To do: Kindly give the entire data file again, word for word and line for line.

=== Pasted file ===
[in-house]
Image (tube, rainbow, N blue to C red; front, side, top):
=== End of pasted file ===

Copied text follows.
[in-house]
Image (tube, rainbow, N blue to C red; front, side, top):